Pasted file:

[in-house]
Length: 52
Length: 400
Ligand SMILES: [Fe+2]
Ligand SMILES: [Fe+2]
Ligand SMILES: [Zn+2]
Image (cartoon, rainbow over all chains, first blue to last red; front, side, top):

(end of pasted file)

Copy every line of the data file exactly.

[in-house]
Length: 52
Length: 400
Ligand SMILES: [Fe+2]
Ligand SMILES: [Fe+2]
Ligand SMILES: [Zn+2]
Image (cartoon, rainbow over all chains, first blue to last red; front, side, top):